West Fargo Neighbors raise concerns over abandoned complex - Valley News Live - KVLY/KXJB - Fargo/Grand Forks

West Fargo Neighbors raise concerns over abandoned complex

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 A West Fargo fire forced five families from their homes last spring, but neighbors are still looking at the remains.

A frustrated neighbor who is worried about safety and the health of those in the neighborhood and wants to know when the building can be taken care of decided to blow the whistle.

"Imagine what was left in there and what's growing in there and what animals are in there...you don't know...and living right next door, that's not very comforting," says neighbor Tiffany Marquart.

Marquart has looked at the eye sore since fire swept through the building in April 2013. Now more than a year later, windows are broken, the grass is knee high and doors are wide open.

"It's a concern because I have kids and I know kids are curious, so who is to stop them from going into these buildings?" she says.

West Fargo city officials say there are a few factors that make this a difficult fix: Five different mortgages, five different insurance companies, five different degrees of damage, one foundation.

City administrator Jim Brownlee says the time to take care of an abandoned home is really between the owner and the insurance company. Only under certain conditions can the city step in.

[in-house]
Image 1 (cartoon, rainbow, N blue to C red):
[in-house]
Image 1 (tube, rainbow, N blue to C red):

"If it's a hazardous building, in other words a threat to the public, then the city has authority to go in and order the building to be taken down," says Brownlee.

Valley News Live made a call to the realty company NAI North Central Commercial Real Estate Services who says the sale of the property is supposed to go through at the end of the month. In the meantime, residents like Marquart are hoping for a fence to help with safety concerns.

"I'm surprised we haven't had transients or people doing who knows what in them, but, you know, I think it should be inaccessible to the public for sure," she says.

West Fargo city officials say the the complex would need to be demolished. The Sheyenne River in the building's back yard makes the soil shift and sink, so the ground needs to be tested for stability before another building could be built.

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